My constituency of Edinburgh North and Leith is decidedly in favour of the EU. More than a quarter of the population signed the online petitions to revoke article 50. That reflects what is said to me across the constituency on a regular basis. People are worried about whether their doctor will be still be here in future. They are concerned about whether their neighbours and friends will face pressure to leave. Concerned constituents have made countless representations to me about how the community will be affected if we no longer have the flow of fresh faces and if we cannot hang on to the new Edinburgh North and Leithers that we have currently.
The wife of the regius keeper of the Royal Botanical Gardens in Edinburgh contacted me because she was concerned about her right to stay. She did not work much while she was bringing up their children, but her husband served with distinction in the Marines, and was invalided out at the rank of lieutenant colonel. He is also a member of the Her Majesty’s Body Guard of the Honourable Corps of Gentlemen at Arms, but that cuts no ice. A constituent who does not want to be named because she fears the repercussions came to me in fear of being deported to the EU country that she left as a toddler to come to the UK even before that country joined the Common Market. She raised her family here and looks after her grandchildren while her children work, but her status here is now uncertain.
Break in Debate
I am admiring and respectful of the petition, and I understand the reasons for it. I also do not discount the proposition put this evening. The Minister should not read too much into the fact that I am not voting for it. I would add that the Labour party will whip its Members this evening, unlike the Government, who dare not whip even their own Cabinet. If I were the Minister, I am not sure I would bob up and down quite as much on this particular issue.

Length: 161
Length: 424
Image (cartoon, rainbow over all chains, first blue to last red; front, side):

I am grateful for my hon. Friend’s advice, which I am sure he would have given regardless of advice from his colleagues in the Whips Office.
What I interpret from the fact that 6 million people—thousands of them in my constituency—have signed the petition is how concerned, angry and frustrated people are with how the Brexit process has been mishandled by the Government. I do not think there has been the same amount of public support and cut-through for a petition at any other stage in the Brexit process.
Break in Debate
I shall happily answer that point later in my speech.
In a way the hon. Gentleman is making the point that I was trying to make to the hon. Member for Streatham, because people did pay attention to what individual MPs were saying in their constituencies —at least, more people than ever before attended hustings in my constituency, and I should like to think that that was reflected elsewhere. The disconnect comes from the fact that in the end lots of people vote, as the hon. Gentleman knows, for a party rather than an individual. If a candidate’s party, nationally, says something loud and clear, they are almost disrespecting their party’s manifesto by saying something different locally.